However, is Mathematics really the gospel truth? There has always been a group of individuals who believed that it is not. The axioms of mathematics, they say, are no more than a group of mere conventions, no more fundamental than any other such conventions ( e.g. the voting rights..) . Mathematics is just an approximation of what is happening in nature, but it not mathematics which underlies nature.

This befuddled me for some time before I read the remaining part of the second chapter which gave me some food for thought (but sadly, did not resolve the matter):

 


Is mathematics consistent with itself? :
Eucledian or plain geometry has certain axioms, or principles that must be fundamentally accepted. One of them states that the measure of the interior angles of a triangle must be 180. However, in non-Euclidean geometry, this might not always be so.
Consider the globe and two lines of longitude making a triangle with the equator. Each of the basal angles of this triangle will be 90 . The total sum of all the angles would be 90 + 90 + X, where X is the angle made by both the longitudes at the point where they meet. This sum, obviously, is greater than 180.
Distance itself, which is taken to be unequivocally measurable ( remember (Hypothenuse)2 = a2 +b2, where and b are the lengths of the other two sides.) has now been "proven" by Einstenian physics to depend upon the observer, so that in certain cases, (hyp)2 is not equal to a2 + b2, even for the same observer

If both you and your friend came across a particular object on the road ,and you said "Why look! what a beautiful cup!" and your friend said " Why look! Isn't that a great looking glass?", both of you CANNOT be right. Two mutually inconsistent statements cannot describe the same thing.
If mathematics itself has disparate mutually inconsistent theories how can these theories describe the single consistent entity called nature?

 


Can Mathematics/Physics describe everything?
Mathematics/ Physics are "deterministic" sciences (with the notable exception of quantum physics). That is they allow for things to occur in only one way. Consider a group of particles in a vacum. If you are given the relevant information about the characteristics of each particle ( viz initial position and velocity) , you can supposedly predict with unerring accuracy the future of these particles, and state with unwavering conviction that the future you predict for these particles is the only future possible for them. If you accept this proposition, then it would be very simple to accept that given a sufficiently fast computer (or a great "super-intelligence"), it is THEORETICALLY possible to repeat this experiment for ALL the particles in the universe, including those in our brain.

However if this is true and mathematics is the science on which reality rests, then supposedly "indeterministic" realities in nature such as human choice cannot conceivably exist. Can human "Choice" be described by mathematics? If mathematics is the reality on which nature is based, why can't choice be explained by it?
And if choice CAN be described by a deterministic science like mathematics/Physics, does "free choice" really exist or is it an illusion?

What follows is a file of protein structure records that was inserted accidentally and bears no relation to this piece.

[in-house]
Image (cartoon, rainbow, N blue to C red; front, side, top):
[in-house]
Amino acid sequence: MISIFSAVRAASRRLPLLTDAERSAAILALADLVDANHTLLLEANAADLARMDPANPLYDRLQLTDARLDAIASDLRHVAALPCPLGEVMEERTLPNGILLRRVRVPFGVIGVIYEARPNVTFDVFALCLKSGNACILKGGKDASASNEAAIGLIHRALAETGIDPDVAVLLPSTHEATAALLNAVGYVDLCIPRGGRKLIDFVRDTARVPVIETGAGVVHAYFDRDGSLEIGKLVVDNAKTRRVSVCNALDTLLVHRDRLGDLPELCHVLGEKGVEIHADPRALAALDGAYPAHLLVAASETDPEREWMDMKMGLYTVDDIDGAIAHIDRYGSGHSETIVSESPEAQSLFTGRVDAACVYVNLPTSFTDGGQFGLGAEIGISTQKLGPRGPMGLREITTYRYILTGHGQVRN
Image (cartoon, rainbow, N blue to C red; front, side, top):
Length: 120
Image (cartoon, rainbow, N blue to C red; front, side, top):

Does mathematics reflect reality or just approximate it?
Supposedly, the three different happenings of a swinging pendulum, a satellite orbiting the earth, and a weight on a spring bouncing from a fixed support can all be explained by the same equation : that of simple harmonic motion.
These occurrences however are DISTINCT. It is difficult to accept the fact that one single equation describes all of these happenings. Does the equation only approximate what is happening in each of these individual cases?
If the equation is truly and completely correct, what made these three different occurrences to be so closely related to each other? Is God a mathematician?

 

 

Are all mathematical concepts based in nature?
Do imaginary numbers (derived from the square root of -1) exist in nature? Things like matrices seem to exist only in mathematical textbooks. One might argue that matrices and imaginary numbers are just tools invented by man to understand science.
If these "tools" have been invented, it probably means that these concepts are no more fundamental than other laws that mankind has laid down.
As a further deduction, it might be said that it is impossible to draw a line which distinguishes "Natural" mathematical laws from "Man-made" mathematical conventions.
If mathematics (at least in some parts) does not describe reality, what exactly does it describe?

 

 

All of which brings us back to the original question : "Does mathematics describe nature?" (or conversely, "Does nature work on mathematical principles?") , which is the heading of the second debate in the book....

 

The Origin of Everything:

Ok Mister Smarty pants... you still believe that science can make all things rational? Where do you think everything evolved from?

If you think of it, there are only 3 possibilities:

1) The something that we see around us ALWAYS existed. ( In that case, how did it get there in the first place?)
2) The something was created out of nothing.
3) Something or Someone who always existed made the something we see around us today.

Ha! Which of these possibilities do you think is the most comprehensible???

You know what... I think I should go out , get drunk, and forget about this book for some time...